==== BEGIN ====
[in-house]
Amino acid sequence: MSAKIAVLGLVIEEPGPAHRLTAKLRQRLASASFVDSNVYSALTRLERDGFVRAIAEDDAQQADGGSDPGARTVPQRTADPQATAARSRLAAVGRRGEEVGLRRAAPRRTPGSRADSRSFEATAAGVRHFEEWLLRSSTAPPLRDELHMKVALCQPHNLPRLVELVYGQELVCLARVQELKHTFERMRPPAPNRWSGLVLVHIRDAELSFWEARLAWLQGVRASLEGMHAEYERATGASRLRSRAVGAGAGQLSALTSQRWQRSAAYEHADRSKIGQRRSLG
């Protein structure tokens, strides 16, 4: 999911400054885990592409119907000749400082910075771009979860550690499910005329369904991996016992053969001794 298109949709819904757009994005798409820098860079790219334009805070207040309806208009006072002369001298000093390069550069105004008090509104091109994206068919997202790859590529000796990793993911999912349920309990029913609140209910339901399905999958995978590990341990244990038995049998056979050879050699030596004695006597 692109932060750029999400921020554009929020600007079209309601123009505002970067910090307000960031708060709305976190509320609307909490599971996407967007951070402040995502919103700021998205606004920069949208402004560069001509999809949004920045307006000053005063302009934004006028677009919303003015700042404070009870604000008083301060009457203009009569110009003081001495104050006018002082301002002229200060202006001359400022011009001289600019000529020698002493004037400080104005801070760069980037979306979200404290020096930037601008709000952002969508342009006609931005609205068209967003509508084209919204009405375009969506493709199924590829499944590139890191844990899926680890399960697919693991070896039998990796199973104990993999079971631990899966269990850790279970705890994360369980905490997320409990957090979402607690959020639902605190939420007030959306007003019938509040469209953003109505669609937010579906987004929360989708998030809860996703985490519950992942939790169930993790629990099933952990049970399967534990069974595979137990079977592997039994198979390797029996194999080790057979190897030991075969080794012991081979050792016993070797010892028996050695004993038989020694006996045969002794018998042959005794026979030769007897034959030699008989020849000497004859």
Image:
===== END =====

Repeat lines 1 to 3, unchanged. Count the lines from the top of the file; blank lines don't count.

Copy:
[in-house]
Amino acid sequence: MSAKIAVLGLVIEEPGPAHRLTAKLRQRLASASFVDSNVYSALTRLERDGFVRAIAEDDAQQADGGSDPGARTVPQRTADPQATAARSRLAAVGRRGEEVGLRRAAPRRTPGSRADSRSFEATAAGVRHFEEWLLRSSTAPPLRDELHMKVALCQPHNLPRLVELVYGQELVCLARVQELKHTFERMRPPAPNRWSGLVLVHIRDAELSFWEARLAWLQGVRASLEGMHAEYERATGASRLRSRAVGAGAGQLSALTSQRWQRSAAYEHADRSKIGQRRSLG
């Protein structure tokens, strides 16, 4: 999911400054885990592409119907000749400082910075771009979860550690499910005329369904991996016992053969001794 298109949709819904757009994005798409820098860079790219334009805070207040309806208009006072002369001298000093390069550069105004008090509104091109994206068919997202790859590529000796990793993911999912349920309990029913609140209910339901399905999958995978590990341990244990038995049998056979050879050699030596004695006597 692109932060750029999400921020554009929020600007079209309601123009505002970067910090307000960031708060709305976190509320609307909490599971996407967007951070402040995502919103700021998205606004920069949208402004560069001509999809949004920045307006000053005063302009934004006028677009919303003015700042404070009870604000008083301060009457203009009569110009003081001495104050006018002082301002002229200060202006001359400022011009001289600019000529020698002493004037400080104005801070760069980037979306979200404290020096930037601008709000952002969508342009006609931005609205068209967003509508084209919204009405375009969506493709199924590829499944590139890191844990899926680890399960697919693991070896039998990796199973104990993999079971631990899966269990850790279970705890994360369980905490997320409990957090979402607690959020639902605190939420007030959306007003019938509040469209953003109505669609937010579906987004929360989708998030809860996703985490519950992942939790169930993790629990099933952990049970399967534990069974595979137990079977592997039994198979390797029996194999080790057979190897030991075969080794012991081979050792016993070797010892028996050695004993038989020694006996045969002794018998042959005794026979030769007897034959030699008989020849000497004859």